Meanwhile, Michael Fayer and colleagues at Stanford use ultrafast IR spectroscopy to look at water dynamics close to the neutral and ionic surfaces of reverse micelles (E. E. Fenn et al., PNAS advance online publication - paper here). They find that the orientational relaxations times are rather similar in both cases, both being significantly slower than in the bulk, and conclude that it is the mere presence of an interface, rather than its chemical nature, which exerts the dominant effect.
Nanoscopic water films on metals and other simple surfaces are known often to adopt ordered structures in the first one or two monolayers that may or may not be like bulk ice. On Pt(111), for example, it seems to form a monolayer that is flat rather than having the puckering expected of a ‘slice of ice’. Now Greg Kimmel, Bruce Kay and colleagues find that water on graphene (supported on Pt(111) also forms a flat film, here two monolayers thick (G. A. Kimmel et al., JACS ASAP ja904708f - paper here). This structure has been predicted previously for confined bilayers between hydrophobic walls, but it seems that confinement is not needed to induce it. The bilayer has no dangling bonds or lone pairs on either face, and so one might anticipate that it will itself be somewhat hydrophobic, as indeed Greg Kimmel and others found previously for the flat monolayer on Pt(111) (G. A. Kimmel et al., Phys. Rev. Lett. 95, 166102 (2005).).
Jürgen Köfinger and Christoph Dellago have used MD calculations to probe the dynamics and dielectric response of single-file water chains in narrow pores (Phys. Rev. Lett. 103, 080601; paper here). This supplies a baseline for using dielectric spectroscopy to investigate the properties of such highly confined water, for example enabling the diffusion of defects in the H-bonded chain to be studied.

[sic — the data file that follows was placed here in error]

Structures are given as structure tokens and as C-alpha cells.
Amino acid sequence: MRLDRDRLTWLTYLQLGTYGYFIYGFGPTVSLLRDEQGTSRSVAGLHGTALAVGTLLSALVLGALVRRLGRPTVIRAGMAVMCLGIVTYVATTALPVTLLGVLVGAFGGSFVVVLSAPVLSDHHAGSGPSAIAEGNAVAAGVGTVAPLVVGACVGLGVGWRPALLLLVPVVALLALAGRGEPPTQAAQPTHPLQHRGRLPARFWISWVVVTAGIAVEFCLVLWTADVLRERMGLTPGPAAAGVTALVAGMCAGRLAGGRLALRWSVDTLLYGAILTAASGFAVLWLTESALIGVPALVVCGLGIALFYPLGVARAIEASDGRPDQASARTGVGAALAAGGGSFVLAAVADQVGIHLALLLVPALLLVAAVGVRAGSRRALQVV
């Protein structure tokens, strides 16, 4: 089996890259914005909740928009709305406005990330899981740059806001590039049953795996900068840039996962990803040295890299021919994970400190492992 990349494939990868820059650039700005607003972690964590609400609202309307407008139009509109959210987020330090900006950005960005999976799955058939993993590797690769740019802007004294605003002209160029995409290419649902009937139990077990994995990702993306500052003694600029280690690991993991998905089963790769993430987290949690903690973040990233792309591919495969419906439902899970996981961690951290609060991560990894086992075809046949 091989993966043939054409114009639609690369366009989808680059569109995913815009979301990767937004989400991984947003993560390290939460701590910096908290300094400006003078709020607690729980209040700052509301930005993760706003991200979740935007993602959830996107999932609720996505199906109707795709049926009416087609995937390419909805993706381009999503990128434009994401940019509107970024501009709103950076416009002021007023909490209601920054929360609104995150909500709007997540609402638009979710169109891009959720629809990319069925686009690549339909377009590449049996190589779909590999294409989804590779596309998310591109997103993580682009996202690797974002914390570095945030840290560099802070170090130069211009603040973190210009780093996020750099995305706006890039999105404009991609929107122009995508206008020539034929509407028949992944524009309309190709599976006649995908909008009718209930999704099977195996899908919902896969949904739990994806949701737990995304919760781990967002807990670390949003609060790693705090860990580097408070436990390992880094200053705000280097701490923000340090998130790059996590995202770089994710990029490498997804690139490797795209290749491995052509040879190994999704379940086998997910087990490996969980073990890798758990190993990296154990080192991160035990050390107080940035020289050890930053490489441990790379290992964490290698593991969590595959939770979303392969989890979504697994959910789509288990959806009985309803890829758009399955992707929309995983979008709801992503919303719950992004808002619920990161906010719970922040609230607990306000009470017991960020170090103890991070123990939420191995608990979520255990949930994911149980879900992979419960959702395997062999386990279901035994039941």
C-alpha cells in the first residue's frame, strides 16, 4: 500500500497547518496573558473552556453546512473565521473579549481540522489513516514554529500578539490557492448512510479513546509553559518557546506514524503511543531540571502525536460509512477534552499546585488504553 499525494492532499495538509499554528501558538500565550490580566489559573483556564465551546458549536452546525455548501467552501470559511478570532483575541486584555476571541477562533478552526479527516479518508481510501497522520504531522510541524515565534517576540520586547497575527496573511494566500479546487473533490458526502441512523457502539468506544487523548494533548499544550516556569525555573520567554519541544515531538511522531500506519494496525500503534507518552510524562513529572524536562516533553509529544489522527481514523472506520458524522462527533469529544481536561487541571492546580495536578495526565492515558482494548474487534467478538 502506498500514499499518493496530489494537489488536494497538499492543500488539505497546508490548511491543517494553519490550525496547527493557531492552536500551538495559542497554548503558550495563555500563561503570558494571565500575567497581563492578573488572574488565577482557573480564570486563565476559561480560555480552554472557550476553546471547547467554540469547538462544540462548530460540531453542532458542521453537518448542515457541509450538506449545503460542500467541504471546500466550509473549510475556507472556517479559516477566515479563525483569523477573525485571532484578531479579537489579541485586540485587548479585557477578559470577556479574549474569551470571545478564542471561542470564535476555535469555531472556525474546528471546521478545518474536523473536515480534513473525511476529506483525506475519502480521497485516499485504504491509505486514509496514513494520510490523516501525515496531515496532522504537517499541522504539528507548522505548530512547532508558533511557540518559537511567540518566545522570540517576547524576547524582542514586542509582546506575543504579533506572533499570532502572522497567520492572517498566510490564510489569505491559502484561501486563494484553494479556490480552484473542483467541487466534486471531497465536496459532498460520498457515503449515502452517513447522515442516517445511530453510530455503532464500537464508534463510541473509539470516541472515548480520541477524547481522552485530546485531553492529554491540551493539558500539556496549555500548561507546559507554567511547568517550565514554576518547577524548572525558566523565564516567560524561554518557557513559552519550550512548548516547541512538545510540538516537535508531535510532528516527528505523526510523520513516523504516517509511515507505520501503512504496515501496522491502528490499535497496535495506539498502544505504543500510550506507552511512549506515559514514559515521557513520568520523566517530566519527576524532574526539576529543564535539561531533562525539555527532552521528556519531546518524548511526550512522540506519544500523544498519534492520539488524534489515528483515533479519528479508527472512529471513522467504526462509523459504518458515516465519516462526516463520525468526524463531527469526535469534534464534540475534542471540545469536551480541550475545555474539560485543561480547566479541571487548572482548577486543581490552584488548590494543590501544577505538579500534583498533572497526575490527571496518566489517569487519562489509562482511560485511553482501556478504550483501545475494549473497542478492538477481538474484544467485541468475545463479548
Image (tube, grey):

Kafui Tay and Anne Boutin at the Université Paris-Sud XI have studied the dynamics of hydrated electrons using MD, and say that their diffusion is dictated by fluctuations in the H-bonded network: in the temperature region where the diffusion is Arrhenius-like, the activation energy is determined by H-bond breaking (J. Phys. Chem. B ASAP jp810538f - paper here).
Lars Pettersson, Anders Nilsson and their colleagues at Stanford, Stockholm and in Japan have published a controversial paper claiming to see inhomogeneities in water structure on length scales of around 1 nm (C. Huang et al., PNAS advance online publication - paper here). They say that they see these using SAXS, and argue that the density contrast is due to the coexistence of two water structures: one tetrahedral, the other with distorted H-bonds, related respectively to low- and high-density liquid water. This is, needless to say, a revival of the very old two-state picture of water structure, which in various forms goes right back to Roentgen. It will be disputed, no doubt, but demonstrates again how remarkably tenacious this two-state notion is.